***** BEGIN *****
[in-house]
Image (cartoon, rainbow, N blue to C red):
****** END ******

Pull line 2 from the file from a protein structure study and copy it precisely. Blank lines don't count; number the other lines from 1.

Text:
Image (cartoon, rainbow, N blue to C red):